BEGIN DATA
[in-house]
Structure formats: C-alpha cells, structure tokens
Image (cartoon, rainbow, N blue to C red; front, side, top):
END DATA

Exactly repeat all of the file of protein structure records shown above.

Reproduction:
[in-house]
Structure formats: C-alpha cells, structure tokens
Image (cartoon, rainbow, N blue to C red; front, side, top):